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The data sensor made by Pillar Technologies Inc. and used on construction projects collects information and readings on such things as temperature, moisture, and particulate matter, but that is just the beginning, according to New York-based founder and CEO Alex Schwarzkopf, who spoke with Business Insurance Reporter Matthew Lerner recently about what Pillar does, where the company is heading and hurdles to overcome. Edited excerpts follow.
Q: How has your end of the insurtech world changed, and over what period of time?
A: I can tell you that specifically in our space, it takes time, it’s been slow. Within the last year, though, I’ve never gotten more outreach from carriers. It’s been insane. For whatever reason, in the last six months to a year, I’ve had more engagement from carriers, more folks reaching out saying, “We want to bring these innovative solutions to our clients,” so something is happening, something is changing.
Three years ago, I think the idea of including technology inside of an insurance program was bleeding edge. Now, I think it’s something that folks are saying “Hey, we, you should really be taking a look at this.” And then the next year to two years, I think you’re going to start to see folks requiring certain types of technologies as part of their insurance programs.
From a macro perspective, I think the carriers are understanding that they can’t do everything themselves anymore. The amount of different types of innovation that’s coming and the rate at which it’s coming really makes you start to look into what’s your core business.
Q: What do you see as the main hurdles for technology adoption?
A: Cost I don’t think is a huge issue anymore. I don’t think that’s really a driver anymore. I think the one challenge is that you have to spend money where you never spent it before. Why am I spending $500,000 on this new data analytics and tool? Do we really need it? You’ve never bought it before. IT looks at that and asks, “Why are we adding new cost?” Adding something is tough.
I think organizationally there’s always challenges. I’ve noticed that there’s different levels of maturity across the leadership teams at different carriers in terms of their view on technology and how it’s going to change their business.
Some companies are farther down the course than others for whatever reason. One of the biggest challenges for us was identifying which carriers wanted to move at the speed that we needed to move to make it make sense for our business.
If we’re around for the next 20 years, we’ll probably have partnerships with all the carriers, but we don’t right now. We have two partnerships with some of the more forward-thinking carriers
With one of the carrier partners we’re working with, start to finish, our engagement was four to six months and with some of the other folks I’ve been speaking with, we’re going on two years in terms of just trying to figure out what to do.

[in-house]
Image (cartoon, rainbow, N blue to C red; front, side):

Q: Are there new people needed? Whether it’s Pillar or your partners or the construction companies, do construction companies need to hire data scientists or chief information officers?
A: They’re already doing it. Yes, the roles are changing, and with every change people will be displaced, so I do think that it’s going to happen, I just don’t know at what scale.
In commercial, though, it’s going to be far less. Commercial is still complex risk, highly people-driven. The infrastructure that is in place with the broker community, the carrier community and then the end client I think is very, very strong.
Q: What benefits should users expect from adopting technologies?
A: I think it really depends on the technology you choose. All the technologies are doing something for someone, whether it’s efficiency creation, where they were paying more. In our particular case, we look at it as short- and long-term (return on investment).
The long-term vision for Pillar is actually to use the construction cycle as the opportune moment, if you will, to sensorize a building for long-term risk management. Because when a building is being built, there’s no walls, there’s no roof.
My vision is that buildings that do this are going to be able to access different property insurance products. So, over time, the savings on your property program, even if it’s a couple points, is going to pay for itself.
Andrew Johnston is global head of insurtech for Willis Re in New York. He heads a practice of about 30 people from various backgrounds charged with vetting hundreds of technology candidates on behalf of Willis Re clients, traditional insurers or incumbents. He recently discussed the changes and challenges in the insurtech sector and how the insurance industry is reacting with Business Insurance Reporter Matthew Lerner. Edited excerpts follow.